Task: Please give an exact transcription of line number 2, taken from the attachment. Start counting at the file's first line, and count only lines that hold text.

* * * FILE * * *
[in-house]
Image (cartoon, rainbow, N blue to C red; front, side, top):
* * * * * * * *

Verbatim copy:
Image (cartoon, rainbow, N blue to C red; front, side, top):